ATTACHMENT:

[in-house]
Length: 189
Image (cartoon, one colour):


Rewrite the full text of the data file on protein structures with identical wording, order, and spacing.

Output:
[in-house]
Length: 189
Image (cartoon, one colour):